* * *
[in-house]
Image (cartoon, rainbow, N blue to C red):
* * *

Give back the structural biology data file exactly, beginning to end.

[in-house]
Image (cartoon, rainbow, N blue to C red):